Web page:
Periodontal infection is an inflammatory illness resulting from the interaction of a bacterial attack and host inflammatory response. Periodontal pathogens induced reaction oxygen species (ROS) production and caused collagen as well as periodontal cell breakdown. The scavenging activity of antioxidants against ROS resulted in the reduction of collagen degradation. Ubiquinol10 (2), a reduced form of CoQ10 (1), acted as an endogenous antioxidant which increased the concentration of CoQ10 (1) in the disease gingiva and efficiently suppressed periodontal inflammation [18].


Atherosclerosis is a specific form of arteriosclerosis where an artery wall thickens as a result of invasion and accumulation of white blood cells and proliferation of intimal-smooth- muscle cells creating fibro-fatty plaque. The wall stiffening increased pulse pressure causing dysfunction in the major arteries [19,20]. Oxidation of low density lipids (LDL) is linked to atherogenesis and selective antioxidants curb atherosclerosis. Ubiquinol10 (2) inhibited LDL peroxidation in vitro. CoQ10 (1) displayed a direct anti-atherogenic effect in apolipoprotein E deficient mice fed with a high fat diet [21]. CoQ10 (1) supplementation increased the concentrations of ubiquinol10 (2) in plasma and in all of its lipoproteins. A single dose of 100-200 mg of CoQ10 (1) raised the total plasma coenzyme by 80-150%. Long term supplementation resulted in four fold increase of ubiquinol10 (2) in plasma and LDL. However, the rate of lipid oxidation increased noticeably with the disappearance of 80 to 90% of ubiquinol10 (2). Therefore, oral supplementation with CoQ10 (1) increased ubiquinol10 (2) in the plasma and lipoproteins thereby improving the resistance of LDL to radical oxidation [22]. CoQ10 (1) supplementation reduced the oxidative stress and inflammatory marker IL-6 while increasing antioxidant enzyme activity in atherosclerosis patients [23,24].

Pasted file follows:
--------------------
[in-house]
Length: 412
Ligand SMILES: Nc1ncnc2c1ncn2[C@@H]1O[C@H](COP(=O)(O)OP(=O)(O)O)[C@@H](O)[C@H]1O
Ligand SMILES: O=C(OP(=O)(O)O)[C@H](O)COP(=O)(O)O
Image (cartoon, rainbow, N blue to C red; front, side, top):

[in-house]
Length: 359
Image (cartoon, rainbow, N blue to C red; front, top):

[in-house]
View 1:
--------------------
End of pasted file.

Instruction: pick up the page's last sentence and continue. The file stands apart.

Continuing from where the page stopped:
Diabetes is a chronic metabolic disorder responsible for major health problems worldwide. It is characterized by absolute or relative deficiencies in insulin secretion or action. Diabetes is associated with chronic hyperglycemia and disturbances of carbohydrate, lipid and protein metabolisms. The oxidative stress was a major cause in the pathogenesis of this complex metabolic disorder which encouraged the use of antioxidants as a complementary therapeutic approach [25]. Serum CoQ10 (1) levels in diabetic patients often decreased and associated with subclinical diabetic cardio-myopathy which was reversed by CoQ10 (1) supplementation [26]. CoQ10 (1) therapy raised plasma CoQ10 (1) levels, improved endothelial function in the brachial artery, and markedly decreased both systolic/diastolic blood pressures as well as glycosylated hemoglobin (HbA1C). CoQ10 (1) intake in combination with fenofibrate markedly improved both endothelial and non-endothelial vasodilation. CoQ10 (1) improved nerve conduction parameters of diabetic polyneuropathy and reduced oxidative stress without any adverse effects [27]. CoQ10 (1) improved beta cell function and increased insulin sensitivity which reduced insulin requirements for diabetic patients [28].


Hypercholesterolemia is an important component affecting a significant part of the aging population [7]. Statins treatment reduced CoQ10 (1) biosynthesis in hypercholesterolemia patients. The depletion of CoQ10 (1) accounted for statininduced myopathies and rhabdomyolysis [29]. Furthermore, statins showed side effect of energy depletion with exceptional fatigue. However, CoQ10 (1) treatment prevented the myopathic side effects of statin drugs [30].